Giraavaru people

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The Giraavaru people (Tivaru people) are the indigenous people of Giraavaru Island, part of the Maldives. Of Dravidian origin, and the earliest island community of the Maldives, their presence predates Buddhism and the arrival of a Northern kingly dynasty in the archipelago. Their ancestors were Tamils from the Malabar Coast (modern Kerala). Their former status was rather like the toddy-tapping lower castes of Kerala and other Divehis regarded them as impure. They themselves averred that their customs and morals were purer than those of other Divehis.[1]

The Giraavarus were isolated and thus an endogamous society with a relatively low population for more than a millennium. As a result, the population showed a number of heritable genetic disorders when they were forcibly assimilated with the larger population in the 1940s.


The Giraavaru origins are most probably in fishermen from the Malabar coast of the Indian subcontinent that settled the Maldives in very ancient times.[2] They are mentioned in the legend about the establishment of the capital and kingly rule in Malé, where the Giraavaru people granted permission to a visiting king, Koimala Kalo, prior to the foundation of his kingdom on Malé. Although the Giraavaru was much larger and civilized at the time, most of the island has eroded due to changing weather (Gira means eroding and varu could have come from faru meaning reef). Until the 20th century, the Giraavaru people displayed recognizable physical, linguistic and cultural differences to the nearby islands. They were strictly monogamous and prohibited divorce. Their folklore was preserved in song and dance. Their music was audibly different from that of the other islanders. The most distinct items were the necklaces of tiny blue beads which no other Maldivian wore.[1]

It is said that the Giraavaru people were always headed by a woman and that throughout Maldivian history, a woman (foolhuma-dhaitha), represented the Sultan's civil authority in Giraavaru Island. The Sultans of the Maldives used to recognise the autonomy of the Giraavaru people and did not apply quite the same laws on them as they did on the rest of their realm. The Giraavaru people never seemed to fully recognise the sovereignty of the Sultans. Ordinary Maldivians were required to address the Malé nobility in a different level of speech. However, the Giraavaru people did not observe this custom and addressed the Malé nobility as they would usually address themselves. It was believed that the Giraavaru people were mortally scared of toads.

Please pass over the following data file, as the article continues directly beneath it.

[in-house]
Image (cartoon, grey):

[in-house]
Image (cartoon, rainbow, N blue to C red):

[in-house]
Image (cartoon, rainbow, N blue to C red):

Things changed since 1932 when a written constitution was adopted. The customary rights of the Giraavaru people were not recognised in that document. Any rights they seemed to have enjoyed under the absolute rule of the Sultans were extinguished by default.[1]

End of the culture[edit]

In 1968, due to heavy erosion of the island and, as a result, reduction of the community to a few members, they were forced to abandon their island under an Islamic regulation that did not recognise communities with fewer than 40 adult males, which was the minimum required for the regular performance of Friday prayers. The Giraavaru people were ferried across the atoll lagoon to Hulhulé Island and resettled there. When the airport there was extended they were shifted across to Malé and housed in a few blocks in newly reclaimed areas in the Maafanu district.

The distinct Giraavaru culture swiftly disappeared when the Giraavaru young people were assimilated into the wider Malé society through intermarriage. "Pure" Giraavaru are now thought to be extinct.


  1. ^ a b c Maloney, Clarence. "Maldives People". Retrieved 2008-06-22. 
  2. ^ Xavier Romero-Frias, The Maldive Islanders, A Study of the Popular Culture of an Ancient Ocean Kingdom


  • H. C. P. Bell, The Maldive Islands; Monograph on the History, Archaeology and Epigraphy. Reprint Colombo 1940. Council for Linguistic and Historical Research. Male’ 1989
  • Xavier Romero-Frias, The Maldive Islanders, A Study of the Popular Culture of an Ancient Ocean Kingdom . Barcelona 1999, ISBN 84-7254-801-5